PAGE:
The shipping market is undergoing a challenging 2020 in terms of freight rate market, amid a global pandemic, which has disrupted the global supply chain. In its latest weekly report, shipbroker Intermodal said that “the challenges brought forward in 2020 proved to be very different from what we could have ever imagined. Together with placing a significant strain on healthcare systems, COVID-19 also adversely impacted global businesses, trade, supply chains, and economies. The maritime industry has been faced with extended regulatory constraints on international, national and regional levels in an attempt to contain the spread of the pandemic. Our industry has once again dynamically adapted to change by embracing the “new normal” modus operandi that the virus has imposed on shipping”.
According to Intermodal’s SnP Broker, Mr. Theodore Ntalakos, “on the dry bulk ship supply side, the world fleet has increased by about 350 vessels y-o-y at an approximate 3.4% annual growth rate whereas growth rates in 2019 and 2018 were 2.5% and 2% respectively. The current dry bulk orderbook – excluding slippage/cancellations – stands below 6% of the world fleet. As expected, dry bulk order replenishment in 2020 has been minimal to date; the sector’s orderbook diminished y-o-y by about 200 vessels. The number of vessels aged over 25 years has increased by around 50 from last September while 20-plus year-old bulk carriers constitute about 9.5% of the dry bulk fleet”.
Mr. Ntalakos added that “the 171-tanker y-o-y vessel fleet increase (just over 3% of total fleet) was led by the MR segment and comprised of 74 MR, 40 VLCC, 18 Suezmax, 16 Aframax/LR2, 14 Handy and 9 Panamax/LR1 vessel additions. All-in-all this was a good year for tankers; the tanker orderbook is marginally smaller as compared to September 2019 – it is down by ca. 15 vessels. It is worth noting that the tanker order book had declined by over 100 vessels last year. The current tanker orderbook to fleet ratio is about 7% which is a 5-year low and the 20-plus-year-old vessel fleet recorded an increase of around 100 ships”.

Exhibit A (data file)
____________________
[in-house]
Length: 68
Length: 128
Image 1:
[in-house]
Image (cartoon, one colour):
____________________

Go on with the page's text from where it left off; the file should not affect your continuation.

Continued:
Intermodal’s analyst added that “the tough measures employed globally to limit the spread of COVID-19 have caused an economic slowdown in both emerging and developed nations. A number of countries have thus far avoided severe economic adversities via the use of aid from sizeable fiscal and monetary policy support packages. Economic growth forecasts for all regions are dire and a worldwide GDP contraction is projected (at least) for 2020. However, the current freight market (especially for the dry segment) illustrates that there is still a growing demand for seaborne transportation. It can be argued that the pandemic is just an “additional” disruption in which the shipping industry is charged with tackling. This disruption is analogous to previous shipping market suppressants such as production interruptions, economic concerns, and political instability. At the end of the day, one has to be reminded that shipping is an infinite game and its perpetuation should be the key governing objective behind all of its players”, Ntalakos concluded.
Nikos Roussanoglou, Hellenic Shipping News Worldwide
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